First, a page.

Top positive review
16 people found this helpful
Best on Subject
on 1 January 2008
The Truth About Addiction and Recovery has to be the best, most comprehensive book on the subject. The book is cogent and intelligently written. It's impeccably sourced. It was a delight to read and have EVERY single question and doubt I've had answered somewhere in this volume.
I'm troubled by the reviewer who titles his review, Disturbing, and states, "Any work that claims to be THE definitive answer to an enormously complex problem should be approached with caution." That sounds like a rational statement. However, Stanton Peele's research isn't based on feeling, like the AA model. It's based on numerous studies by many different scientists done over the past several decades that have drawn the same conclusion OVER and OVER again. And, the conclusion is that it's NOT a disease-- despite the AMA and despite AA and despite every single organization that says it is. The proof lies in this point-- that there hasn't been even ONE successful study that has proven otherwise-- even when the study was created to PROVE that it was a disease.
AA ADMITS in it's own data that only 5% of AA members remain alcohol abstinent. The data that has been proven over and over again is that this number is LESS than those that quit drinking without AA. Additionally, a recent Harvard University Study stated that 80% of those that have quit drinking did it on their own. This goes against the disease model and AA approach. Many can moderate their drinking successfully or quit successfully altogether. This goes against the disease model and AA approach, too. Stanton Peele's book shows us the studies and data that support that once addicted DOES NOT MEAN ALWAYS ADDICTED. Unless, of course, one has bought into the AA philosophy and has now accepted that they are permanently sick and out of control. This is the crux of this argument. Studies have shown that those that have bought into this philosophy wind up having a lower self-image than those that have not, and they wind up believing they are permanently sick and completely unable to manage their lives-- thereby buying into the belief that they are "out of control". The focus is never about getting better in AA (I know they say otherwise)-- the focus is on STAYING 'sick', STAYING in AA, and STAYING permanently in a "RECOVERY" state. The focus, truthfully, is in keeping old folkwisdom alive even though every bit of evidence shows us that there are proven better ways. To add insult to injury, anyone who doubts this model is accused of being in denial, and everyone who remains alcohol abstinent without AA is accused of being a dry drunk (not "sober" according to AAspeak. Hello? Isn't this supposed to be a quit-drinking program?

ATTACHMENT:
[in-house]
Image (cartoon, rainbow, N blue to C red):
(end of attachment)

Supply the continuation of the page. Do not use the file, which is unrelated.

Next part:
The problem AAers have (like the reviewer I quoted before) is that this proof (that is shown so coherently here) completely pulls their chairs out from underneath them. I understand this, too. If everything I believed was taken away from me and proven to be false, it would certainly undermine my own confidence in my ability to make decisions. And, so far, although the twelve-step "treatment" (although why we continue to call it treatment when it hasn't successfully treated anything) philosophy has continued to permeate our culture, there is absolutely no evidence at all to suggest that it is beneficial. On the contrary. The evidence proves it hasn't been and that there are better ways that have been proven to work (for instance, Community Resource and Family Training, Rational Emotive Behavioral Therapy, and Cognitive Therapy, as well as other approaches) scientifically.